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CMPE 4784 1 picture of Tianhe, the most powerful computer in the world in Nov-2010 CMPE 478 Parallel Processing.

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Presentation on theme: "CMPE 4784 1 picture of Tianhe, the most powerful computer in the world in Nov-2010 CMPE 478 Parallel Processing."— Presentation transcript:

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2 CMPE picture of Tianhe, the most powerful computer in the world in Nov-2010 CMPE 478 Parallel Processing

3 CMPE Von Neumann Architecture CPU RAM Device sequential computer BUS

4 CMPE Memory Hierarchy Registers Cache Real Memory Disk CD Fast Slow

5 CMPE History of Computer Architecture 4 Generations (identified by logic technology) 1.Tubes 2.Transistors 3.Integrated Circuits 4.VLSI (very large scale integration)

6 CMPE PERFORMANCE TRENDS

7 CMPE PERFORMANCE TRENDS Traditional mainframe/supercomputer performance 25% increase per year But … microprocessor performance 50% increase per year since mid 80’s.

8 CMPE Moore’s Law “Transistor density doubles every 18 months” Moore is co-founder of Intel. 60 % increase per year Exponential growth PC costs decline. PCs are building bricks of all future systems. Intel 62 core xeon Phi billion

9 CMPE VLSI Generation

10 CMPE Bit Level Parallelism (upto mid 80’s) 4 bit microprocessors replaced by 8 bit, 16 bit, 32 bit etc. doubling the width of the datapath reduces the number of cycles required to perform a full 32-bit operation mid 80’s reap benefits of this kind of parallelism (full 32- bit word operations combined with the use of caches)

11 CMPE Instruction Level Parallelism (mid 80’s to mid 90’s) Basic steps in instruction processing (instruction decode, integer arithmetic, address calculations, could be performed in a single cycle) Pipelined instruction processing Reduced instruction set (RISC) Superscalar execution Branch prediction

12 CMPE Thread/Process Level Parallelism (mid 90’s to present) On average control transfers occur roughly once in five instructions, so exploiting instruction level parallelism at a larger scale is not possible Use multiple independent “threads” or processes Concurrently running threads, processes

13 CMPE Evolution of the Infrastructure Electronic Accounting Machine Era: General Purpose Mainframe and Minicomputer Era: Present Personal Computer Era: 1981 – Present Client/Server Era: 1983 – Present Enterprise Internet Computing Era: Present

14 CMPE Sequential vs Parallel Processing physical limits reached easy to program expensive supercomputers “raw” power unlimited more memory, multiple cache made up of COTS, so cheap difficult to program

15 CMPE What is Multi-Core Programming ? Answer: It is basically parallel programming on a single computer box (e.g. a desktop, a notebook, a blade)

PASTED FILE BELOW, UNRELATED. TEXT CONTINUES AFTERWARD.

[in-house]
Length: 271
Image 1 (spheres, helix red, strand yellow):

16 CMPE Another Important Benefit of Multi-Core : Reduced Energy Consumption 2 GHz 1 GHz Single core Dual core Energy per cycle(E ) = C*Vdd Energy=E * N Energy per cycle(E’ ) = C*(0.5*Vdd) = 0.25*C*Vdd Energy’ = 2*(E’ * 0.5 * N ) = E’ * N = 0.25*(E * N) = 0.25*Energy c c c c c c Single core executes workload of N Clock cycles Each core executes workload of N/2 Clock cycles

17 CMPE SPMD Model (Single Program Multiple Data) Each processor executes the same program asynchronously Synchronization takes place only when processors need to exchange data SPMD is extension of SIMD (relax synchronized instruction execution) SPMD is restriction of MIMD (use only one source/object)

18 CMPE Parallel Processing Terminology Embarassingly Parallel: -applications which are trivial to parallelize -large amounts of independent computation -Little communication Data Parallelism: -model of parallel computing in which a single operation can be applied to all data elements simultaneously -amenable to SIMD or SPMD style of computation Control Parallelism: -many different operations may be executed concurrently -require MIMD/SPMD style of computation

19 CMPE Parallel Processing Terminology Scalability: -If the size of problem is increased, number of processors that can be effectively used can be increased (i.e. there is no limit on parallelism). -Cost of scalable algorithm grows slowly as input size and the number of processors are increased. - Data parallel algorithms are more scalable than control parallel alorithms Granularity: -fine grain machines: employ massive number of weak processors each with small memory -coarse grain machines: smaller number of powerful processors each with large amounts of memory

20 CMPE Models of Parallel Computers 1. Message Passing Model - Distributed memory - Multicomputer 2. Shared Memory Model - Multiprocessor - Multi-core 3. Theoretical Model - PRAM New architectures: combination of 1 and 2.

21 CMPE Theoretical PRAM Model Used by parallel algorithm designers Algorithm designers do not want to worry about low level details: They want to concentrate on algorithmic details Extends classic RAM model Consist of : – Control unit (common clock), synchronous – Global shared memory – Unbounded set of processors, each with its private own memory

22 CMPE Theoretical PRAM Model Some characteristics – Each processor has a unique identifier, mypid=0,1,2,… – All processors operate synhronously under the control of a common clock – In each unit of time, each procesor is allowed to execute an instruction or stay idle

23 CMPE Various PRAM Models weakest strongest EREW (exlusive read / exclusive write) CREW (concurrent read / exclusive write) CRCW (concurrent read / concurrent write) Common (must write the same value) Arbitrary (one processor is chosen arbitrarily) Priority (processor with the lowest index writes) (how write conflicts to the same memory location are handled)

24 CMPE Flynn’s Taxonomy classifies computer architectures according to: 1.Number of instruction streams it can process at a time 2.Number of data elements on which it can operate simultaneously Data Streams Single Multiple Single Multiple Instruction Streams SISD SIMD MIMD MISD